I get really annoyed at leaders who talk about working on great service and yet don’t provide adequate training. A few months ago, I was working with a leadership team that was discouraged about their poor patient satisfaction scores. As we talked, they explained what they were doing to improve service. It boiled down to this: they were measuring satisfaction through surveys and telling people to give better service.
What’s wrong with this picture? First of all, they didn’t have clear standards for service. Second off all, the only training that anyone ever received was during orientation. Once the new employee landed in his or her respective department, it was anyone’s guess as to how those lessons were reinforced. There was no ongoing training on customer service whatsoever.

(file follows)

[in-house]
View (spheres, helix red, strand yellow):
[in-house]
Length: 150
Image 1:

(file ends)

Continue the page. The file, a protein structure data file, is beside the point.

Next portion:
When I delved a bit further into the reasons that they didn’t offer training, I was told that it was too expensive. The CFO condescendingly explained to me that training time was nonproductive time, and that they could not justify nonproductive time. Wow. That was an amazing admission. They were leading a service business but couldn’t justify spending resources on service training.
Great service takes more than hope. It takes adequate training. Training helps to develop and reinforce skills in a safe environment. There are retail outlets that spend weeks on customer service training, but healthcare organizations that spend less than one hour. Is it a cost or an investment?